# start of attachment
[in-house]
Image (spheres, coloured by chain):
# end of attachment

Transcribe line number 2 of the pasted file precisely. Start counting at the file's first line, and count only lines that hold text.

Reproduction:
Image (spheres, coloured by chain):